Just look at the the last twenty years of my life:

  • I’ve done a print litzine, a collaborative serial fiction shared-world webzine and a themed short fiction webzine.
  • I’ve been in two bands, two acoustic duos and performed as a solo artist at scores of venues large and small.
  • I sold a novel and two short stories, self-published three short stories and a novel (the same novel) and created an ongoing serial fiction project.
  • I’ve released five CDs and dozens of individual songs.
  • Oh, and I was a pioneering podcaster and podcasting author, and I’ve performed as a voice actor and dramatic reader for dozens of podcasts, podcast novels, audio books and, most recently, a movie.

Some of these things were disappointing failures. Some of the successes surprised the hell out of me. That doesn’t mean I’ll never again do anything like the things that failed, or that I’ll keep doing the things that succeeded. I just keep making things, and meanwhile the world turns.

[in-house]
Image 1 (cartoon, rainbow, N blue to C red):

As for my dear friend J. C. Hutchins, I celebrate his decision to focus his time, energy and resources on the things that, right now at least, have a better chance of helping him reach his creative goals. His choice is his choice, and it works for him.

If you’re an aspiring author considering podcasting their work, don’t let one guy’s decision give you pause… just keep your perspective, keep your head out of the clouds, avoid tiger trap shortcuts, watch your ego, and don’t think it stops… or starts… with this one thing. A carpenter doesn’t build a house using just a hammer, y’know?

All right. Are we done here?


  1. Done and done, sir. Thanks for such a resonant, well-crafted post … and for adding some much-needed grounding to this head-spinning conversation.

    • Thanks, Hutch — I’m glad you read it that way, since my intention was just to selfishly lay down my views on “Free,” podcasting, podcast fiction and all those tricky new media-y aspects of marketing your creativity and interacting with the audience.

  2. Nice piece, Matt. I’d read J.C.’s piece but didn’t realize that a gen-u-ine Kerfuffle had broken out over it!